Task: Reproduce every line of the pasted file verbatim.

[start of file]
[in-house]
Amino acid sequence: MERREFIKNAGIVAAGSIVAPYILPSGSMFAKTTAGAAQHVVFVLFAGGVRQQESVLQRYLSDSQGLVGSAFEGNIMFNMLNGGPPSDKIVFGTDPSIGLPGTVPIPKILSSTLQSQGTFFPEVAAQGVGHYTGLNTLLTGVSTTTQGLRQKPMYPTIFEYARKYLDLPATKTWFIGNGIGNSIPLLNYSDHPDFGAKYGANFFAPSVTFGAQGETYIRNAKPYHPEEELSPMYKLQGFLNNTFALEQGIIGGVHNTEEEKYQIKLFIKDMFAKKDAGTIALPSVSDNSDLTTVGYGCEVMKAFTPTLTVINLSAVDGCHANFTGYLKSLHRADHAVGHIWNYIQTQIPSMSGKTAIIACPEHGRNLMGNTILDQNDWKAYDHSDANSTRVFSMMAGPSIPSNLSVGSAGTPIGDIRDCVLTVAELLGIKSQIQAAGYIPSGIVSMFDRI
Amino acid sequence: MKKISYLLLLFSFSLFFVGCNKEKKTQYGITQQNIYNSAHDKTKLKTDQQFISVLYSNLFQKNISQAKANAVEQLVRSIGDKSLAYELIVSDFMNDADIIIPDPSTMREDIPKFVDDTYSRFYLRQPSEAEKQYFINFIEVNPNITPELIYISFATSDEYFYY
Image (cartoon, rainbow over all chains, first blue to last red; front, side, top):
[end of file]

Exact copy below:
[in-house]
Amino acid sequence: MERREFIKNAGIVAAGSIVAPYILPSGSMFAKTTAGAAQHVVFVLFAGGVRQQESVLQRYLSDSQGLVGSAFEGNIMFNMLNGGPPSDKIVFGTDPSIGLPGTVPIPKILSSTLQSQGTFFPEVAAQGVGHYTGLNTLLTGVSTTTQGLRQKPMYPTIFEYARKYLDLPATKTWFIGNGIGNSIPLLNYSDHPDFGAKYGANFFAPSVTFGAQGETYIRNAKPYHPEEELSPMYKLQGFLNNTFALEQGIIGGVHNTEEEKYQIKLFIKDMFAKKDAGTIALPSVSDNSDLTTVGYGCEVMKAFTPTLTVINLSAVDGCHANFTGYLKSLHRADHAVGHIWNYIQTQIPSMSGKTAIIACPEHGRNLMGNTILDQNDWKAYDHSDANSTRVFSMMAGPSIPSNLSVGSAGTPIGDIRDCVLTVAELLGIKSQIQAAGYIPSGIVSMFDRI
Amino acid sequence: MKKISYLLLLFSFSLFFVGCNKEKKTQYGITQQNIYNSAHDKTKLKTDQQFISVLYSNLFQKNISQAKANAVEQLVRSIGDKSLAYELIVSDFMNDADIIIPDPSTMREDIPKFVDDTYSRFYLRQPSEAEKQYFINFIEVNPNITPELIYISFATSDEYFYY
Image (cartoon, rainbow over all chains, first blue to last red; front, side, top):